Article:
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The Kitchen Cabinet

There's Cookware to Meet the Needs of Chefs From All Woks of Life

August 06, 1987|MINNIE BERNARDINO | Times Staff Writer

To the Chinese cook, a wok is a wok is a wok: round-bottomed, deep, typically made of carbon steel and inexpensive. In early years, Chinese woks were molded from cast iron and designed in a bowl shape so they would nestle into circular fire pits. In the American marketplace today, there are woks galore--shifting in size, shape and make to meet the needs of cooks from all walks of life.

"It's cheaper to change woks than stoves," said Chef Laurence C. C. Chu, owner of Chef Chu's restaurant in Los Altos. "They've made reversible wok rings for traditional round bottom woks, and flat bottom woks were designed to sit directly on either gas or electric stoves. For convenience, some people have chosen the electric wok. You can cook at the table and, most important, you can control the temperature in deep-frying."

A Variety of Metals

Aside from carbon steel and cast iron, woks also come in aluminum, stainless steel, copper and brass, or a combination of metals. "If you like stainless steel and you can afford it, buy only stainless steel with heat-conductive copper, carbon steel or aluminum in between," Chu advises. He explained that stainless steel by itself is inefficient in stir frying where constant heat and quick heat recovery are needed.

In the aluminum, non-stick, non-electric category, an exciting new wok has just appeared on store shelves. Le Cook's-Ware Inc. in San Francisco introduced Circulon Hard Anodized Wok ($75) in addition to a full line of brand new cookware. The shape of Circulon is far from any authentic wok but may very well be the choice of cooks who want to use it for other than stir-frying.

Also available with stainless steel exterior, the wok has a wider, flatter bottom that makes it more versatile for steaks or omelets. The best feature is its non-stick quality, eliminating the chore of seasoning a wok as well as greatly reducing the need for butter and oils. "Circulon is the only non-stick cookware in the world guaranteed to release food for ten years," said Bob Rae, president of Le Cook's-Ware.

Backed by many years of experience in the cookware industry, Rae designed the unique "Hi-Low" system in each pan. Coated with SilverStone (Rae claims this is the toughest non-stick protection in the market), the inner surface of the wok has concentric grooves. The high areas or peaks protect the low areas or valleys against the abrasive action of food, cooking utensils and cleaning agents.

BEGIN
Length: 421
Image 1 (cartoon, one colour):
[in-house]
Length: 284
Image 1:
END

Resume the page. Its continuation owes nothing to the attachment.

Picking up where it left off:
Circulon was the choice of Martin Yan, celebrity television chef and cooking teacher from Northern California, during his stir-fry demonstration at the Times Test Kitchen recently. Despite factory recommendations to use plastic or wooden cooking utensils in the non-stick wok, Yan had been using a metal spatula with the wok. "I want to really give it an intensive test," he said. "So far, it still looks good." Rae provided an explanation: "You can only wear out 10% of the peaked surface. Minor scratching will not reduce its non-stick capability."

Although crafted in heavy gauge aluminum with harder-than-steel anodized gray surface, the 4 3/4-quart capacity Circulon is lightweight. "Great for show," Yan said while agitating the wok, tossing ingredients in the air. He liked the comfortable grip he got from the wok's stay-cool phenolic handles.

A stainless steel dome lid, self basting to hold in heat so that food cooks faster, is helpful for steaming; it also prevents spattering in frying. For those who do a lot of deep frying in the wok, the shallower Circulon wok may not be the solution, even though its low silhouette makes it a rather stable pan.

Several Electric Models

Consider the electric woks for this purpose. If cost is a factor, there's a choice among the popular red aluminum West Bend, Wearever or Meyer electric woks with non-stick interiors. All have thermostats for controlled frying. In its upgraded line, West Bend now has a seven-quart wok that goes up to 1,500 watts which is completely immersible and dishwasher safe when the control is removed. The newer coating is made of Supra ($79.95) which is more resistant to abrasion or scratching than SilverStone ($58.75) but not necessarily more non-stick.

Chu's best choice for an electric wok is the Maxim wok ($90) from the Maxim Company in New York. He likes the grayish black wok for its 1,600-watt heating capacity, which ranges from "keep warm" to 400 degrees, as well as its die-cast aluminum body for fast heat recovery. "You need that intense heat to bring back the desired temperature when stir-frying. Using a slow-heating electric wok is like climbing a hill when you have a Volkswagen. You don't go up as fast as a car with a V-8 engine."

The non-stick Maxim Electric Wok has a heat probe that is removable for immersible cleaning. Equipped with a heavy gauge aluminum dome cover, the 6 1/2-quart capacity wok comes with a long wooden handle and shorter handle on the opposite side.

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